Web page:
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‘Significant challenges’ for Glasgow as footfall drops by 400,000



‘Significant challenges’ for Glasgow as footfall drops by 400,000

PA Media Shoppers in Glasgow's Buchanan StreetPA Media

Glasgow city centre needs “fresh life” a business body has warned, as a new report showed a decline of more than 400,000 visitors compared with last year.

Glasgow Chamber of Commerce said revitalising the city should be a “top economic priority.”

There were 410,000 fewer visitors in May compared with the same month last year, while in April there was a sales decrease of 12.3%, the equivalent of £60m.

A spokesman for the city council said Glasgow faced “significant challenges” but the council was working to create a “more attractive environment” for businesses and shoppers.

City centres across the country have been affected by a number of factors, including the cost of living crisis and the continued popularity of online shopping.

However, feedback from businesses in the new report cited additional problems with “cleansing, maintenance & hygiene” throughout Glasgow.

Shoppers on Argyle Street

Several big stores such as Debenhams have closed in recent years

The city has been blighted by a number of shop and restaurant closures in recent years, including the HMV megastore on Buchanan Street, Marks & Spencer on Sauchiehall Street and Debenhams on Argyle Street.

The two fires that devastated Glasgow School of Art and destroyed the O2 ABC venue have also affected surrounding businesses, leaving a number of empty properties around the city centre.

Richard Muir, deputy chief executive at Glasgow Chamber of Commerce said: “The recovery of Glasgow City Centre should remain a top economic priority for all levels of our governments.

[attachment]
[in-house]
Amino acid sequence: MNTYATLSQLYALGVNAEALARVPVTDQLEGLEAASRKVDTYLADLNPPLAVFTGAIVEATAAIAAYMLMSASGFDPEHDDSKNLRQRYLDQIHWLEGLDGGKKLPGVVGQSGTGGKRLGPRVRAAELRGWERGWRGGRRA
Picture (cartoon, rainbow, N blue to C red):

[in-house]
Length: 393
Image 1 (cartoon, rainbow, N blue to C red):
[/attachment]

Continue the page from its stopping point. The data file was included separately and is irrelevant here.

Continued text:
“The Golden Z report launched last August explained much of what needs to be done to breathe fresh life into the most impacted streets. It is now time that we enact this report.”

Mr Muir called for a “new city deal” involving tax incentives and funding to help the retail sector.

In August 2023 councillors voted for the so-called “Golden Z” plan to increase the population living on Buchanan Street, Argyle Street and Sauchiehall Street through 1,350 new or converted flats.

Failure to recover

Figures from the Scottish Retail Consortium in recent months have broadly matched the Chamber of Commerce’s assessment.

Ewan MacDonald-Russell, the organisation’s deputy head, said Glasgow’s status as a premier shopping destination “risks becoming a memory.”

He added: “These figures, which correlate with the SRC’s own footfall data, demonstrate Glasgow’s grasp on the title of Scotland’s shopping capital is weakening.

“Footfall has failed to recover since the pandemic as shoppers cut back their discretionary spending and shift shopping trips to out-of-town or online retailers.”

Mr MacDonald-Russell said there should be a reduction in non-domestic rates and better public transport to help businesses attract more visitors.

Empty Marks & Spencer building on Buchanan Street

The Marks & Spencer building is empty on Buchanan Street

A Glasgow City Council spokesman said the city was still “the most significant economic area in Scotland”.

He added: “We are working very closely with our public and private sectors partners in the City Centre Task Force to ensure the city centre stays resilient and adapts to the changes it faces.

“There is a huge amount of public and private sector development and investment currently taking place in Glasgow, and this will deliver a more attractive environment for visitors, businesses, workers and a growing residential population.”

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